THE SUBSTRATUM OF ANNOBONESE CREOLE

THE SUBSTRATUM OF ANNOBONESE CREOLE LUIS FERRAZ The substratum theory, while regarded as antiquated and oversimplified by some modern historical linguists, seems to be necessary to explain the influence of certain West African languages on the Creole Portuguese of Annobon. Features which match West African languages but no known variety of Portuguese include vowel harmony, the breaking or deletion of consonant clusters, the canonical syllable structure, palatalization of consonants, replacement of/r/ by /!/, absence of the passive transformation, the nature of negation, the copula, several aspects of word order, and several types of lexical item including ideophones. Some linguists have rejected or still completely reject the concept of the existence of substratum influences. Thus, Bloomfield wrote in 1935: There is no sense in the mystical version of the substratum theory, which attributes changes, say, in modern Germanic languages, to a "Celtic substratum" - that is, to the fact that many centuries ago, some adult Celtic-speakers acquired German speech. However, when the members of a language community acquire a new language, either as a pidgin or as a mother tongue, whether Creole or not, it is to be expected that their speech patterns will color their interpretation of the acquired language. In the Iberian http://www.deepdyve.com/assets/images/DeepDyve-Logo-lg.png Linguistics - An Interdisciplinary Journal of the Language Sciences de Gruyter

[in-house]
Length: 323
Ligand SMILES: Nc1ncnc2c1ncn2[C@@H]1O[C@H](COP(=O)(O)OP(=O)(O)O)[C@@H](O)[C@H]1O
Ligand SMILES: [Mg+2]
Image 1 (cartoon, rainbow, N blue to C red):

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Publisher
de Gruyter
Copyright
Copyright © 2009 Walter de Gruyter
ISSN
0024-3949
eISSN
1613-396X
DOI
10.1515/ling.1976.14.173.37
Publisher site
See Article on Publisher Site

Abstract

LUIS FERRAZ The substratum theory, while regarded as antiquated and oversimplified by some modern historical linguists, seems to be necessary to explain the influence of certain West African languages on the Creole Portuguese of Annobon. Features which match West African languages but no known variety of Portuguese include vowel harmony, the breaking or deletion of consonant clusters, the canonical syllable structure, palatalization of consonants, replacement of/r/ by /!/, absence of the passive transformation, the nature of negation, the copula, several aspects of word order, and several types of lexical item including ideophones. Some linguists have rejected or still completely reject the concept of the existence of substratum influences. Thus, Bloomfield wrote in 1935: There is no sense in the mystical version of the substratum theory, which attributes changes, say, in modern Germanic languages, to a "Celtic substratum" - that is, to the fact that many centuries ago, some adult Celtic-speakers acquired German speech. However, when the members of a language community acquire a new language, either as a pidgin or as a mother tongue, whether Creole or not, it is to be expected that their speech patterns will color their interpretation of the acquired language. In the Iberian

Journal

Linguistics - An Interdisciplinary Journal of the Language Sciencesde Gruyter

Published: Jan 1, 1976

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